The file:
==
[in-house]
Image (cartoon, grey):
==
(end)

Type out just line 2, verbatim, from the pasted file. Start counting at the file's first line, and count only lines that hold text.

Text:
Image (cartoon, grey):